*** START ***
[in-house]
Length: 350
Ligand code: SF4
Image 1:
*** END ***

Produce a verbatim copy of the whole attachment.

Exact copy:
[in-house]
Length: 350
Ligand code: SF4
Image 1: